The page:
"I See Dead People!"
Trip Start Aug 01, 2006
14Trip End Aug 13, 2006
I learn that one of my clients is down with tummy troubles this morning, and won't be accompanying us on the day's adventures. A second one is having similar problems, but decides to try and stick it out.
We depart the hotel and drive quickly to Red Square. We learn that the name "Red" has nothing whatsoever to do with political leanings or the color of buildings. It is an Old Russian word that means "beautiful." There is always a "red corner" in every house-the place where the icons are hung. The "red staircase" is the most formal and grand staircase. The Red Square of Moscow is simply referring to the largest, grandest, most beautiful square in the city
It is raining and, much to our dismay, Natalia informs us that the forecast for the next several days doesn't look too good. We arrive at Red Square at about 9:20am and queue up towards the front of the line of people waiting to enter Lenin's Tomb. The Tomb doesn't open until 10:00am, so our guide tells us about the Square, and Lenin, about the care and maintenance of his body, and we take turns ducking out of line to run and photograph the nearby tomb of the unknown soldiers from World War II. The soldiers guarding the tomb are in little clear boxes to shield them from the rain. We are huddled under umbrellas and raincoats. We get to watch the amazing goose-stepping precision of one changing of the guard during our wait.
The line finally starts moving at 10:10am. We wind our way past the graves of several important people, including the cosmonauts who perished during re-entry because there was a crack in their space capsule. We are not allowed to take anything into the mausoleum, so Eva and Anastasia wait outside holding our cameras and bags. The experience is very similar to seeing the body of Mao in Beijing. It looks almost completely fake and waxen. We are told that every so often it is completely disrobed and bathed in some sort of preserving solution
It is still raining fairly steadily when we emerge, so we wander into the GUM department store (pronounced "goom"). The letters stand for something like "Government Universal Market" and was built in the late 1800's. It is massive, and once had almost nothing of any quality, but now it is crammed with expensive furs and silks and designer watches and clothes.
We wander around for a while, avoiding the rain and taking photographs (and using a very unsavory toilet which involved squatting). It is here that ill tour member (number two devastated by "number two") decides he is too ill to carry on, so he leaves for the hotel as we go to St. Basil's Cathedral-the iconic Russian cathedral with all the colorful domes at one end of Red Square. There are lots of weddings going on today, and many bridal couples are out on the square having their photos taken in the unfortunate rain with St. Basil's Cathedral in the background.
The cathedral is very surprising on the inside. You envision a large open space like most normal cathedrals, but instead the space has been divided into smaller rooms underneath the domes, and you walk between them by narrow passageways
Lunch is at a row of fast-food stores (including McDonalds) close to the Square. I get hysterical when a bride and her maids troop into the restaurant and into the bathroom. I am envisioning her having to do her business in that dress, squatting over a hole in the floor with her brides' maids having to hold up her very beautiful and voluminous dress. I laugh so hard I am crying, and I get one photo of her triumphal exit from the restaurant (see gallery).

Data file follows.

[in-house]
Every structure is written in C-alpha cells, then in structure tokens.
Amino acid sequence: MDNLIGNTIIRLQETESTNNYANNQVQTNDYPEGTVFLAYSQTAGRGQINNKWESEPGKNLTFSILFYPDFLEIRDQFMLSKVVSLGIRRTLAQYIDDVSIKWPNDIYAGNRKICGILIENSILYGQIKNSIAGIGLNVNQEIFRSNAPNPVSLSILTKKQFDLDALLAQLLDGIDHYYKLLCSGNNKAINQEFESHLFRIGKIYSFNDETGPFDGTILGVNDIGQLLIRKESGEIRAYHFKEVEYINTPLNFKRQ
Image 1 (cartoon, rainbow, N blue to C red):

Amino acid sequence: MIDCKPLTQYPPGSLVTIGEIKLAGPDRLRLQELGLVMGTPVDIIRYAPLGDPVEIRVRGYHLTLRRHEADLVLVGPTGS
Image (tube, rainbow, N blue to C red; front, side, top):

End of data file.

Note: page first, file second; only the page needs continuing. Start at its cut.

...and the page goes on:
Next stop is the Izmailovo Market-an amazing flea market set up near a huge 10,000 bed hotel that was built for the Moscow Olympics many years ago. It is an outrageous warren of shops selling every imaginable souvenir for the tourist. You can get Icons, photographs, jewelry, fur hats-all wonderful stuff. One client buys a nesting wooden doll with Bill Clinton and Monica Lewinsky. I could spend hours here!
The final sightseeing attraction of the day is the Novodevchiy Convent, where the Tzar's sisters were put away so they could not produce any babies who might lay claim to the throne
The women who lived here had a talent for embroidery, and one room is devoted to displaying some of the outrageously beautiful robes they created for the priests. One of my clients wryly asked me if this was like a stroll through my own personal wardrobe! J
A highlight of this place for me was the adjoining cemetery, which had the graves of many famous Russians, including Kruchev and Gromiko, but also stellar artists like Chekhov, Gogol, Prokofiev, Skryabin, Shostakovich, and opera singer Fyodor Shalyapin. The setting is peaceful and the statuary incredibly beautiful.
One of us took a tumble in the rain and uneven ground back at the market, and decides he had better have his arm x-rayed to see if a recent break was re-fractured. He returns to the hotel with others who are planning to go out to the clubs later in the evening.
Twelve of us decide to eat early at Godunov Restaurant, and the bus drops us off at Red Square for better photos now that the rain has finally stopped
We take the subway back to the hotel, and I see off the group of six who decide to go out with Roman tonight. Included in the number is a new arrival to the tour. He arrived a day late because he had been staying in a rented villa in Tuscany with some friends and couldn't drag himself away any sooner. I know they will all have a great time!
We have a later start tomorrow (by one half hour), so I am looking forward to tumbling into bed and getting more than six hours of sleep!